This Is a School That Trust Built

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Schools are microcosms of our society. They reflect what we are, like it or not.  Schools are also places where children and adults have the ability to connect and support each other on their life’s journey.  Within these schools, we’ve talked about the importance of building capacity and emphasizing academics as ways to improve the climate of the school and its classrooms.  When learning and student success become our priorities in word, budget and action, students and teachers are recognized for their hard work and behave in ways that are reflective of their beliefs. In one study, there was a link with the schools academic focus and student achievement, regardless of SES status (1).

Trust is another element that is critical to enhancing learning. Trust is the affective dimension of academic optimism.  Remember that in a school with high academic optimism, there is a concerted belief that “Learning and student success is our priority” (academic press/emphasis), a palpable teacher attitude that “We believe in our students” (trust in students), and the knowledge of teachers that “We can do it!” (collective efficacy). Trust nurtures cooperation, openness, professionalism and builds capacity (2).  In schools where teachers trust their students, the impact on student achievement tends to be positive (3).

Here’s where a little research can go a long way. Colleagues found six facets of trust emerged and integrated into one construct. Trust in groups is defined as a “willingness to be be vulnerable to another party based on the confidence that the latter party is benevolent, reliable, competent, honest, and open” (Hoy & Tschannen-Moran, 2003, pp. 185-186).

Building Trust with Your School Staff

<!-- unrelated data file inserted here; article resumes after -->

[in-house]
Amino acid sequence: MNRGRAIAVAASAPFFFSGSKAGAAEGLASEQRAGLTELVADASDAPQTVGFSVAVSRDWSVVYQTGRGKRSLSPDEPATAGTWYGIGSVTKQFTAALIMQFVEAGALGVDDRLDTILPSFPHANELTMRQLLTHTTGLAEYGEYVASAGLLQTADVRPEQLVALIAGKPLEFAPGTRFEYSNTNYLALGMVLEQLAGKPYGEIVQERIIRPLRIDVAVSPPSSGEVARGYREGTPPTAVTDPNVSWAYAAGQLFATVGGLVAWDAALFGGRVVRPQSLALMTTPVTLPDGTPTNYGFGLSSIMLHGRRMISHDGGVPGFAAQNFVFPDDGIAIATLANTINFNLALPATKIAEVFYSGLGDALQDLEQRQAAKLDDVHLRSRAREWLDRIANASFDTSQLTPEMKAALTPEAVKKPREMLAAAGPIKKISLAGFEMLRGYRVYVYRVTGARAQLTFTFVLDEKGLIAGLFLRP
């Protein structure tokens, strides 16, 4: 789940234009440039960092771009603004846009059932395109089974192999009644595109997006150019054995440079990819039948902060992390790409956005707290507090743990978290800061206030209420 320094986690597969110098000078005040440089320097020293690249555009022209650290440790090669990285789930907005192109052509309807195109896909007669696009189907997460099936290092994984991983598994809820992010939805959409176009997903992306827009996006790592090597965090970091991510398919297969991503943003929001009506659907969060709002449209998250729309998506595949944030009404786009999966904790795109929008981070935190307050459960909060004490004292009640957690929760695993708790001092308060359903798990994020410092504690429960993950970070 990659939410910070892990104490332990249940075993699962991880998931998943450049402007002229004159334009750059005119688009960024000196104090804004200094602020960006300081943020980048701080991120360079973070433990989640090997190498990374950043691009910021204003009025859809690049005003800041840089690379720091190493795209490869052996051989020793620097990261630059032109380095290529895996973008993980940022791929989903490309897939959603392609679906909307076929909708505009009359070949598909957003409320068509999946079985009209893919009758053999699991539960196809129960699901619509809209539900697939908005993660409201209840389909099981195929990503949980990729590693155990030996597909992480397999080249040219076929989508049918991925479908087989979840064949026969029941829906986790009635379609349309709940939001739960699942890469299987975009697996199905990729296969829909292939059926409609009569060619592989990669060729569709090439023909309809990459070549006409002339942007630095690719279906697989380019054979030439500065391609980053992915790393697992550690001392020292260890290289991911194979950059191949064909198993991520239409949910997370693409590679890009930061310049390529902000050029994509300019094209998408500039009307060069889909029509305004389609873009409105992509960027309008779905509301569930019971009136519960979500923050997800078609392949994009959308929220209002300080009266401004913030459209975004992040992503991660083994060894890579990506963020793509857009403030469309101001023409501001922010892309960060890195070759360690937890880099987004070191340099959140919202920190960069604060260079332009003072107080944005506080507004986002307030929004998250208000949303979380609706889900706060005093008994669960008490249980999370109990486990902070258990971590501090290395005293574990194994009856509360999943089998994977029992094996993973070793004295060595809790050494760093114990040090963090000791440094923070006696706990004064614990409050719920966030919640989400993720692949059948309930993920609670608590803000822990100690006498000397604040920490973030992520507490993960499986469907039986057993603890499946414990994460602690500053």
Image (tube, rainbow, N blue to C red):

Faculty trust can be built in several informal and formal ways.  You can act with benevolence, trusting that stakeholders will act in ways that are appropriate and respectful.  If teachers act professionally and fairly and students work hard to achieve, you can assume that parents are willing to collaborate in order to help students meet and exceed their high expectations.  You can further build trust by being reliable and competent.  This can be demonstrated by beginning and ending meetings at their appointed times, following through on requests or promises, and backing up teachers as the need arises.  When there is follow through with the expectations of the class and the school, stakeholders feel more confident that the leadership of the school is adept at their job of leading the school.  This in turn may encourage others to believe in their abilities of professional competence.  Finally, you can lead your schools with honest and open communication and transparent actions.  Be accessible through email and telephone, within boundaries, and hold parent/carer meetings at various times to meet the needs of working parents and carers.  School newsletters, memos, and websites can all be used as communication tools in order to strengthen the relationships between home and school, which in turn may inspire parents and members of the community to become more engaged with the school.  Regardless of the ways you seek to foster and build trust, it is a necessary component of improving student achievement.

Time for Reflection

As the Instructional Leader of your school, what are some concrete actions in which you are already working to build trust with your colleagues? Which have been most successful and with whom? How do you know?

Reflection in Action: Take Away

As you go through the next couple of weeks, reflect on your trust-building actions and those of your leadership team. Does everyone have a shared understanding of trust and its integral role to school success? If not, begin with these colleagues and build a common understanding.

Your willingness to be vulnerable could go a long way towards your school becoming one built with trust.

 

COMING UP: In a few weeks, we’ll discuss for teachers, how to build trust with students and parents.

 

REFERENCES

(1) Lee, V. E., & Bryk, A. S. (1989). A multilevel model of the social distribution of high school achievement. Sociology of Education, 62(3), 172-192.

(2) Hoy, W. K., Smith, P. A., & Sweetland, S. R. (2002). Toward an organizational model of achievement in high schools: The significance of collective efficacy. Educational Administration Quarterly, 38(1), 77.

Tschannen-Moran, M. & Hoy, W. K. (2000). A multidisciplinary analysis of the nature, meaning, and measurement of trust. Review of Educational Research, 71, 547-593.

(3) Goddard, R. D., Tschannen-Moran, M., & Hoy, W. K. (2007). A multilevel examination of the distribution and effects of teacher trust in students and parents in urban elementary schools. In W. K. Hoy & M. F. DiPaola (Eds.), Essential ideas for the reform of American schools (pp. 115-138). Charlotte, NC: Information Age Publishing.

 

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